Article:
Areas of Specialty
Sometimes creativity is impeded by difficult or traumatic experiences that cloud our judgment and block our feelings. In order to allow our creativity to flow, we may need extra help to overcome these difficulties.
We believe that we are all children of God who are individually infinitely valuable. We teach that as such, each divine child is a creator after the pattern of the One who created us.
Trauma can convince us of a variety of false beliefs that get in the way of this truth, and require special help in overcoming. Much like a massage therapist working on knots in our body, we seek to help individuals dislodge false ideas that have calcified within us, and then help them learn how to prevent them again from forming. As we root out the embodied trauma and work within ourselves to prevent the causes, we can find personal power and peace.
Our program provides self-help and one-on-one counseling sessions centered around practicing good mental habits, healing emotional wounds, teaching the fundamental principles of choice, accountability, and stewardship, and how applying these reinforces a default state of inner peace.
Where needed, we may make recommendations to individuals to seek professional help. While we have resources that can provide considerable assistance, some cases may be beyond our abilities and means.
ESTABLISHING PERSONAL PATTERNS
Sometimes students struggle to tap their creativity. This might be due to a lack of structure or skills. It also may have to do with the the lack of healthy intra or interpersonal skills. In order to help students reach their potential, we help students identify and develop the necessary abilities that will allow them to express their creativity to its fullest extent.
While many educational systems are preoccupied if not dominated by ideas and theory, we seek to move students from the isolation of strict ideas and theoretical principles to a world of practicality, functionality, application, and relevance.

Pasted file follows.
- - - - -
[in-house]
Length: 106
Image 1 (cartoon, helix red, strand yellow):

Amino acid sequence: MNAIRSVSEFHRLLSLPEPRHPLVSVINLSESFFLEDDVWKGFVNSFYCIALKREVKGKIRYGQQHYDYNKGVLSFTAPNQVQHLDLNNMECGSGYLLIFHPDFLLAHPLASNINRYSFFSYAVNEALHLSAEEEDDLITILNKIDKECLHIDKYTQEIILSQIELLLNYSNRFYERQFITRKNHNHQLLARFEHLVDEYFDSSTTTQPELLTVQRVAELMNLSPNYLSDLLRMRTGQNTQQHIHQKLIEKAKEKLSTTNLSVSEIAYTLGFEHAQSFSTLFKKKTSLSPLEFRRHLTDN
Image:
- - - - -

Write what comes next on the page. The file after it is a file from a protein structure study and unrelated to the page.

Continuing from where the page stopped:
Ideas are only as good as they look when manifest in the real world. We seek to help students test their theoretical knowledge in the light of application. We do this by helping them establish practical and workable routines that are designed to assist them in the achievement of the goals they have set out for themselves.
Often this takes the shape of routines that teach self-reliance, whether spiritual, physical, intellectual, or emotional. We advocate means of integrating oneself into society without undermining the individual's self-directed and self-fulfilling purpose, identity, motivation, or independence.
Assess the Student's Objective
When we meet with the student initially, we help them establish a standard for what it is they wish to become. Sometimes the student already has an idea of some of what they wish to develop or change about themselves. We help them articulate and expand on this in a way that helps both them and us to better wrap our heads around exactly what our assistance might look like.
We then prescribe a varied curricular approach that includes both theory and application. Trainings, classes, and performance oriented experiences all conspire to help the student find the tools to fulfill their goals.
Establishing Valuable Routines
Trainings fall within four categories: Spiritual, Physical, Intellectual, and Emotional.
Spiritual trainings are based around those activities that cultivate positive spiritual habits to help clarify and align the governing motivations within the student. The routines or behaviors we teach are designed to help them question, recognize, and cultivate their inner motivations so that they might find reliable inner strength and purpose, and therefore greater self-respect, love, and peace.
Physical trainings include everything from exercise to employment to hygiene to cooking to personal style to caring for one's personal space. We help students build habits that are woven into the social fabric in order to help them feel more integrated and normalized to the culture they wish to be a part of. While each culture does things a little differently, we try to adapt these routines to the local customs, always taking into account the desires established in the beginning by the student.
Intellectual trainings take on the appearance of a class in which students learn the fundamental principles of life and everything. We hold a class discussing these ideas once a week for an hour and a half. They are described in greater detail below under the heading, "Principles and Patterns Discussions."
Emotional trainings might take on the look of moral support and appear as surrogacies of sorts for those who have lacked certain positive role models in their development. Surrogate fathers, mothers, aunts, uncles, brothers, and sisters are the most common moral support structure we provide.
Helping With Transitions
We not only help students with establishing positive routines, but we assist them by helping them recognize what to expect through the many transitions that might occur as they make these changes. We also help them by assisting them when necessary through difficult life transitions they might experience. Helping establish realistic and predictable expectations surrounding transitions helps them to adjust to these changes and maintain the positive characteristics and results of the new routines they are seeking to integrate.